2000 年 49 巻 3 号 p. 275-281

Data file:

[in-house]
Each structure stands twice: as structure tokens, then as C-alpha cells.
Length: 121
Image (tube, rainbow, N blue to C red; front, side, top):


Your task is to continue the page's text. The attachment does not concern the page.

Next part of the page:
Fractures in amorphous metal usually occur in a brittle manner. The metal is, however, essentially a ductile material, for it demonstrates high deformability, despite having a high yield strength. These two facts seem to conflict with each other at first glance. In this paper an atomistic simulation is carried out to resolve this apparent contradiction. The molecular dynamics (MD) method is applied to a cracked amorphous structure containing 102356 atoms with mode I loading. Crack growth begins at the time when a stress wave arrives at the crack tip. The amount of crack extension increases with increase in the crack-tip opening displacement, and potential energy is changed to kinetic energy with the crack growth. From an investigation of the atomic arrangement and structure of the defect atoms (which is defined by a local density), it is demonstrated that crack growth occurs with atomic deformation that takes place in a ductile manner in a local area, but in a brittle manner in a macroscopic view. Moreover, it is shown that the interaction between the crack and the void, which develops in front of the crack tip, plays some important roles during crack growth.